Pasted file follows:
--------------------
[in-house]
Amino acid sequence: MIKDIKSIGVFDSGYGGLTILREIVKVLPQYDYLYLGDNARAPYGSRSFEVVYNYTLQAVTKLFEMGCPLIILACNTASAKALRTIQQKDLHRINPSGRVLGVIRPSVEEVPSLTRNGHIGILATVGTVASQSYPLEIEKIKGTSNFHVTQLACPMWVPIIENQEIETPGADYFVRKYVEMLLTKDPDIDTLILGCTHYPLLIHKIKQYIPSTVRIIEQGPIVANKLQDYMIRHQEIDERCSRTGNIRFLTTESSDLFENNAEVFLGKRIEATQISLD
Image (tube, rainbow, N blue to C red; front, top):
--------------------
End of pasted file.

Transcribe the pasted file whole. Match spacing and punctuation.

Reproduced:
[in-house]
Amino acid sequence: MIKDIKSIGVFDSGYGGLTILREIVKVLPQYDYLYLGDNARAPYGSRSFEVVYNYTLQAVTKLFEMGCPLIILACNTASAKALRTIQQKDLHRINPSGRVLGVIRPSVEEVPSLTRNGHIGILATVGTVASQSYPLEIEKIKGTSNFHVTQLACPMWVPIIENQEIETPGADYFVRKYVEMLLTKDPDIDTLILGCTHYPLLIHKIKQYIPSTVRIIEQGPIVANKLQDYMIRHQEIDERCSRTGNIRFLTTESSDLFENNAEVFLGKRIEATQISLD
Image (tube, rainbow, N blue to C red; front, top):